William Grant & Sons Case Study

Updated on Wednesday 30 June 2021, 4:23 PM

2 Minute Read

Background

William Grant & Sons is an independent Scottish distillery that has been producing whisky since 1887 and distils leading brands including Glenfiddich and Balvenie. When the company needed a heat exchanger replacing at their Girvan distillery, they contacted AIS Vanguard’s Glasgow depot for assistance.

The Project

The job involved swapping a 12-ton heat exchanger with a 17-ton replacement within a time critical window that involved switching off the plant for a maximum of just 18 hours over a weekend.

The asset’s location made the project much more complex than a straightforward lift of the old heat exchanger before putting the new one in place. Surrounded by other plant and live mechanical and electrical services, the heat exchanger could not be tracked out or lifted with a crane, so the Glasgow team had to devise an alternative approach that would answer safety and operational requirements.

Following a site visit to assess the requirements and consider the specific challenges of the project, we devised a solution that involved bringing in a scaffolding partner to design structural scaffolding, with ladder beams above the existing heat exchanger, routed through a high-level opening, with a landing platform at the other side of the plant.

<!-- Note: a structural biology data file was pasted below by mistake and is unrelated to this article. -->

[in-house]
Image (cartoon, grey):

With the scaffold pre-installed prior to the date agreed for the lifts, the AIS Vanguard team arrived on site at 7am on Friday morning to rig a sequence of 10 x 10-ton chain blocks to the high-level ladder beams and prepare all lifting equipment in preparation for the lift the following day.

The plant was switched off when the team arrived on site at 7am the following day. The team was then able to lift the heat exchanger to the high-level opening, where it was fleeted from each set of chain blocks, allowing it to be moved through the high-level opening to the landing platform.

Once at the landing platform, a mobile crane was used to lift the heat exchanger down and load it to transport. The new heat exchanger was then installed using a reverse of this process.

All works were completed by 16:00 hours on Saturday afternoon, allowing the plant to be switched back on ahead of schedule with a shutdown period of just nine hours.

 

 

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